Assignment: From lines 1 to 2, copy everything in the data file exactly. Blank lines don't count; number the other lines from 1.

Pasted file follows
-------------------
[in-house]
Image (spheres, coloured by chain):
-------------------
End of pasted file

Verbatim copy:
[in-house]
Image (spheres, coloured by chain):